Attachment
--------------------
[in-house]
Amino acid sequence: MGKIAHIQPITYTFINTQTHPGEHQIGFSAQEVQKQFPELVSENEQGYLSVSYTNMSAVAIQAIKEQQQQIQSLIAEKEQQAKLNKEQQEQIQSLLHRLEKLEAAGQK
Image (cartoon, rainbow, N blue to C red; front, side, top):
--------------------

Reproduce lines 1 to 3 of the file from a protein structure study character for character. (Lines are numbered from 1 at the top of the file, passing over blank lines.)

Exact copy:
[in-house]
Amino acid sequence: MGKIAHIQPITYTFINTQTHPGEHQIGFSAQEVQKQFPELVSENEQGYLSVSYTNMSAVAIQAIKEQQQQIQSLIAEKEQQAKLNKEQQEQIQSLLHRLEKLEAAGQK
Image (cartoon, rainbow, N blue to C red; front, side, top):